This sort of album is supposed to fail. Get a superstar and build a large revolving cast around him or her. Santana and Rob Thomas. Bleechhh. Herbie Hancock and Jessica Simpson. Speeww. Dave Grohl and King Diamond? Hmmmmmm . . .
Dave Grohl indulges the many metal sides to his soul and creates one hell of a rocking piece. Some people on this page complain that there aren’t guitar solos galore and a bunch of triggered double-pedal work like there is on a Fear Factory album. Well, you’ll notice that there is no cameo from that guy from Fear Factory here. A lot of these artists here are from the “one- bass-pedal-is-good-and-we-only-need-a-ten-second-guitar-solo” school of eighties metal. Cronos from Venom gets things going in true doom style at the beginning of the album and things hardly let up from there. Max Cavalera bellows his way through “Red War,” which by the way has double bass-pedal. There are some pretty sweet time changes on this one. The only song I don’t really like much here is Lemmy’s “Shake Your Blood.” I know Lemmy personifies all things metal and I love his other work as much as anyone else, but this song sounds like a toss-off. He could have been more metal here, for sure.
Things really range all over the metal map, which could be bad. But it’s not. It’s fun and extremely impressive. Like the best of metal artists, Grohl doesn’t have to stick in one niche category (e.g. thrash, doom, metalcore, extreme, blah blah blah). Metal is music, making it capable of infinite permutations. D.R.I., C.O.C., Cathedral, Voivod. He rocks on all of their styles and does it convincingly. He almost goes over into hair territory with Trouble’s Eric Wagner on “My Tortured Soul.” Grohl makes this fun, making you raise your devil fingers to a major chord progression and melody, of all things. You could never do THIS to Warrant. Maybe you could have if Grohl was Warrant’s drummer (I know, that’s blasphemy . . . it’s a joke, strike it from the record).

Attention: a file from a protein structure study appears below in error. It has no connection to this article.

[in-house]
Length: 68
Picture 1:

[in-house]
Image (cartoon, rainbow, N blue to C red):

The album ends with the piece de resistance: King Diamond’s “Sweet Dreams.” I personally don’t think that the King ever sounded any better than this. It must have something to do with Grohl’s comparative restraint on the instruments. He knows how to lay down an appropriately creepy doom guitar pattern while not overpowering it with a bunch of notes. Basically, he highlights the singer on these tracks while proving way more than competent at providing the backup. This really works well with that depraved sicko King Diamond indulging his absurdly strained falsetto, “I’m crawling out of my skin,/ you’ve got to let me in/ to your sweet, sweet, sweet dreams.”
The only thing that is missing on this album is a few more guitar solos. This is the only area where Grohl falls short musically and it shows. While I am not from the school that says every song needs a two minute solo, I could use more than a couple of good solos here. Grohl calls in the splendiferous Kim Thayil to ice Lee Dorrian’s “Ice Cold Man” with some highly-processed glissandos and trills and this works wonderfully. Wino sings “The Emerald Law” while shredding his guitar within an inch of life by the middle of the song: jackpot! The rest of the album has a dearth of solos. Just a couple more would have taken this album up to near a five. The Voivod or Sepultura songs would have especially benefited from this.
The excellent production and spirited performances on this album make it far more than a period piece. This is a bunch of metal believers putting their worst/best face forward in order to put the ugliness back into rock where it belongs. Dave Grohl is merely a splendidly talented vehicle for this mission. Buy this album, but only if you want to rock in eleven different sickly sweet ways.